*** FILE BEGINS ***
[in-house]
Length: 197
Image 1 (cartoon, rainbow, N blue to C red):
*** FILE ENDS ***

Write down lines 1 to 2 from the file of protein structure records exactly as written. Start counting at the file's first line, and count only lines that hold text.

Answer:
[in-house]
Length: 197